Insight News

Wednesday
Jul 30th

African Americans disproportionately affected by the economic downturn

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The current recession has certainly taken its toll on everyone. From large corporations to small businesses to families, most of us can fairly say that, in some way, we have suffered a financial loss. But African Americans, more than any other group, are disproportionately affected by the economic downturn. We are losing jobs at faster rates and, as a result, our net wealth is decreasing. Amid reports of an improving economy, many are still worried about their financial futures. America must continue to support its citizens so that they may withstand this downturn and not come out worse for the wear.
The national unemployment rate is currently hovering around 10 percent. For African Americans, that number is just over 15 percent and, in some states, Illinois for example, its over 18 percent.  For Black teens, the number is astronomically high: nearly 41 percent.  To be fair, unemployment rates have always been higher in the African American community than they are in the general population.  But the recession has increased the unemployment – and wealth – gap between Blacks and non-Blacks because key industries, such as automotive and manufacturing, have scaled back considerably. It used to be that a Black worker could secure a stable job in one of these blue-collar industries and work their way into the middle class. That day is long gone.

To compound matters, predatory lending practices that locked many homeowners into high interest rate loans with ballooning payments were prevalent in African American communities. When the housing crisis reached its dramatic peak, Blacks stood out among the millions who lost their homes. Homeownership is the quickest way to build personal wealth. Now, with so many African Americans having foreclosed on their homes, the financial health of our community is in jeopardy.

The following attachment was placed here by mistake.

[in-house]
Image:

We are being told the economy is getting better but that the economic growth of America will be irrevocably changed. Businesses will be more conservative when expanding so that they don’t overextend themselves. New jobs will be created at slower rates than in recent years.  Knowing this, it is imperative that the American government makes a commitment to re-train those workers whose industries have been dramatically reduced.

High-paying jobs in manufacturing are few and far between; this is the information age and our citizens need to be ready to work in it. For our economy to stay vibrant, government sponsored training programs for downsized employees must be implemented. Additionally, we must work to keep technology jobs here in America. Any company receiving government support or contracts must be required to hire American workers. If there are not enough skilled workers to fill the jobs, we must ensure that people are trained. Lastly, special monitored home loan programs for individuals who foreclosed on their homes during the recession should be created.

Taking these steps would ensure that all Americans are able to transition into this new and different workforce and begin to rebuild their lives. As an added benefit, African American workers would be able to get the skills they need to stay marketable in the workplace while being allowed a fresh start on the road to personal wealth.

Judge Greg Mathis became the youngest judge in Michigan’s history and was elected a Superior Court Judge for Michigan’s 36th District. He has been called upon as a regular contributor to national television programs, including “Larry King Live,” “Politically Incorrect,” CNN's "Talk Back Live,” “Showbiz Tonight” and “Extra” to discuss his opinions on complex issues of the day, such as national security, unique sentencing, affirmative action and celebrity scandals. He also offers his take on high-profile legal cases.
 

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